New Mexico’s Common Core Adoption

Common Core appeared in New Mexico on November 29, 2010 with full support by the state. Unfortunately, such acceptance hasn’t lasted, turning it into a hotbed of protest not seen in even the most conservative states. While New Mexico has yet to join the increasingly long list of states to drop the Core entirely, it is nevertheless demonstrating signs of discontent from the usual parents and, more interestingly, from the students as well.

Initial Support

When the Common Core became an option back in 2010, Governor Susana Martinez grabbed hold and purported it to be the educational change the state needed to finally help it reach a competitive status in regards to national and worldwide educational standards. Behind her stood the Secretary of the Public Education Department, Hanna Skandera, loudly trumpeting New Mexico’s exemption to the Now Child Left Behind bill because of the switch to the Core, freeing the state from arguably restrictive measures.

Six Years Later

While it started fierce and fiery, support has wavered. Instead of seeing academic growth, reading and math scores are stagnant and ACT scores have even dropped. The new curriculum even shifted graduation standards, resulting in a drop in graduates. Due to this, many parents are taking advantage of the option they have to opt their children out of the Core.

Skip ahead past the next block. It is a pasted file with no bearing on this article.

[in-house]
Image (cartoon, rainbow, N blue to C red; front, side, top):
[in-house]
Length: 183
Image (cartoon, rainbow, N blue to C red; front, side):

Unlike the other states, however, it’s not just the parents crying out against the Core. Earlier this year, students in Albuquerque took a stand against the PARCC assessment test used to grade students on their Core aptitude by holding a walkout. A few hundred students joined in even though administrators warned them of consequences. Outside, they stood along the road with signs, getting passersby to honk in support.

The Core versus PARCC

While this may seem like a stand against the Core, it should be noted that PARCC is not a part of the Common Core curriculum. It’s merely an assessment test designed to examine students’ knowledge of the Core standards. Much like all statewide exams, though, it fails to actually provide an accurate representation of the students forced to take it. Because this was its first year counting toward graduation, many students became angered that a new test would determine if they were smart enough to graduate or not.

In light of this, Governor Martinez noted that the state has been preparing for years for this test. In reality, the thousands of other students that did participate reported nothing out of the ordinary save for the occasional computer glitch. Such information hints at the fact that students will never appreciate being judged by a number on a paper even though the SAT and ACT has been doing so for years. As far as the Core and PARCC are concerned in New Mexico, it seems the negativity is being focused on in spite of successes across the state.